I never thought I'd say it, but after years of answering "Phil" or "Lefty" or "Mickelson" if I was feeling proper, I'm fairly certain my answer is now "Bubba."

So if you want to know my favorite golfer, I have to admit, a new southpaw has taken over at the top of the heap.

Stretching back into 2010 I found myself captivated by this big tall lefty with a funky swing you'd expect to see on the range somewhere. The nerdy top-button buttoned golf shirt and the old-school visor straight out of the 1980s, but not in a cool, retro way, just in a Bubba sort of way.

When he won late in the year and broke down emotionally, the bond was starting to be built. Having lost my father at a young age, I could feel the pain in Bubba Watson's heart, so uncertain about the health of his dad, knowing that the prognosis wasn't good, but understanding that he was able to stand there, hoist a trophy while there was still time to share it.

I'm a sucker for a heartstrings pulling, big risk-taking, honest-talking, Twitter-loving, fan friendly guy. And Bubba Watson has proven to be each of those.

He wears his emotions on his sleeve, throughout the round and after the round. When he lost his best shot at a major with some very questionable decisions in the playoff (see: big risk-taking), he didn't fake some sort of disappointment that wasn't there. He was proud of himself to get to that point and knew he'd be back.

He's also got the risky, no holding back approach to the game that long made Phil my absolute favorite on the course. It will absolutely cost them both, but in the end, as a fan, I want to root for the guy willing to try pulling off the impossible, or at least the improbable. Bubba doesn't have the record of outlandish plays in big spots to rival Mickelson's yet, but I have faith. You can't be labeled risky until your labeled irresponsible, and last year's infamous PGA Championship would have put Watson on far more of a public broiler had we in the media not been so focused on Bunkergate.

But for all the attributes I appreciate on the course, it's away from it that I can see so much that I love about Phil in Bubba. For years I contended that Tiger wanted to be number one in the rankings, and that Mickelson was happy to be number one among the fans. Phil's always wearing a smile, waving, nodding to those cheering him, understanding that there's more to being a professional golfer than making birdies. He'll stand there and sign every autograph after a round, and to this day my grandmother's got her signed Mickelson visor on display and will light up anyone someone asks about the day she watched Phil play in person.

So while the venue has changed, I get the same sense about Watson, who along with a few others on Tour, has made himself accessible through Twitter, as well as being one of the most visible players through TV interviews, goofy online videos and showing the world he isn't a robot, he's a guy with real emotions and feelings, who happens to play golf for a living.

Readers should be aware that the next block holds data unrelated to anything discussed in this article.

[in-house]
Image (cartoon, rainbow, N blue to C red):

I'd guess there are a lot of things that go into determining which players we root for and which we root against. It could be anything from a guy's choice in irons matching our own, to the way he carries himself (is he aloof? Looking at you, DLIII… is he raunchy? Looking at you, Daly … is he boring? Looking at you, 80 percent of PGA Tour fields). Me, I've figured out what I like. Risk taking golfers, who engage with the public and are willing to open themselves up, let us in for better or for worse. It's a guy who can bear his sole at the dark moments (think Mickelson calling himself an "idiot" after blowing the U.S. Open or Watson's weepy interviews) that we can also embrace them at the heights of success.

Maybe it's like swapping out one driver for another, knowing that at some point you'll have them both at the range and longingly put the recently replaced stick back in the bag. But, I'm sorry Phil, my 905r. I've got my eyes on this brand new 910d2. A little newer, fresher look, a bit more pizzazz. But when you're up there making a Sunday charge, you better save some room, cause I'll be the first jumping back on the bandwagon. Luckily, there's no 14-club limit when it comes to a favorite player stable.

Pace of Play is Brutal

While I'm on the topic of favorite players to watch, I have to note how painful it was to watch J.B. Holmes compete in the matchplay. Without the ability to cut in and out of the shots of a dozen guys, when TV had nothing but Holmes, you realized how mind-bogglingly slow he is. I understand the concept of a pre-shot routine and subscribe to my own, but if I even got to Holmes' snail pace I'd be kicked off the course by the ranger, or more likely by my foursome.

Ben Crane has long been a chronic offender and has often run afoul of the pace police. I can remember watching him take more time in a bunker than some foursomes will take to putt out on a green.

The PGA Tour's players have a strong say in the rules, and I'm shocked they haven't been more aggressive in cracking down on slow play. It absolutely grinds down the other guys in a group, there are constant complaints from the entire field, and it no doubt robs from the viewing experience. They need to find a way to punish the true, compulsive offenders without docking their playing competitors, and spread the word to the general golfing public that there is no reason golf should take as long as it does.




Ron Varrial is Metro's Managing Editor and writes a regular golf column for The Sand Trap.